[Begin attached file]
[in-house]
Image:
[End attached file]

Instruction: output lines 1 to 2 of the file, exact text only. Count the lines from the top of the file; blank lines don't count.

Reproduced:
[in-house]
Image: